In Rwanda, Research Finds Cash Assistance For Refugees Boosts Local Economy For Nearby Communities
The study was conducted by a team of researchers from the United Nations World Food Programme (WFP) and the University of California, Davis. Their findings were just published [link] in the Proceedings of the National Academy of Sciences, one of the world’s leading scientific journals.
The study measured the local-community impact of food assistance provided by WFP to Congolese refugees living in three camps in Rwanda. Using hundreds of interviews with Rwandan community members, Congolese refugees and local businesses, researchers created a model of the economies within a 10-kilometre radius of each camp, and then compared the data between camps where refugees received monthly cash allocations, and a camp where refugees continued – at the time – to receive monthly distributions of food.
“Our research found that local communities see very real economic benefits from hosting refugee camps, regardless of the type of food assistance refugees received, but it was clear that cash-based food assistance for refugees translates into a larger boost for the people who live near the camps,” said the study’s lead author, J. Edward Taylor, Professor of Agricultural and Resource Economics at UC Davis.
“Each refugee generates real income for the surrounding community that is larger than the sum of the humanitarian assistance the refugee receives – and if the refugee is receiving cash, the impact of that assistance can nearly double,” he added.
In Kigeme, the camp where refugees were receiving food at the time of the study, researchers found that every dollar’s worth of food for refugees increased real income for the community around Kigeme by US$1.20. In two other camps – Gihembe and Nyabiheke – where refugees received cash transfers each month instead of food, each dollar they received translated into US$1.51 to US$1.95 in the local economy. The study also found a significant increase in the trade between that local 10-kilometre area and the rest of the country.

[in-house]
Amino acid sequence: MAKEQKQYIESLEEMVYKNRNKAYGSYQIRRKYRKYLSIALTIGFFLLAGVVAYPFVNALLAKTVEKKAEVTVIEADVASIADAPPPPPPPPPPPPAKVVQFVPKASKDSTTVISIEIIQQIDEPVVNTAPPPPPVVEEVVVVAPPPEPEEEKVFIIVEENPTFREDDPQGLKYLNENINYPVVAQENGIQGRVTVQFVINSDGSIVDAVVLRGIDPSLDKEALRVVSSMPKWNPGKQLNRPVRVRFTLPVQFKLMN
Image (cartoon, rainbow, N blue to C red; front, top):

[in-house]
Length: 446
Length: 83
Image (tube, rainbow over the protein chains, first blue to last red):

In the two cash camps, each adult refugee received an annual total of US$120 to US$126 respectively, and the research found that each additional adult refugee in those two camps increased the annual real income in the local area by US$204 and US$253 respectively – equivalent to 63 percent and 96 percent increases created by each refugee in the two camps for the average per capital income of Rwandan households neighbouring on the camps.
“When refugees receive a monthly ration of food supplies, they often sell part of it at below-market prices so they can have a little cash to buy other goods in the market, like fresh fruits or vegetables,” said Ernesto Gonzalez, a co-author of the study who works on cash-related assistance in WFP’s regional bureau in Nairobi. “When refugees receive cash instead, it not only gives them more control and choice over what they eat, but also increases their purchasing power, and therefore increases the strength of their contribution to the local economy.”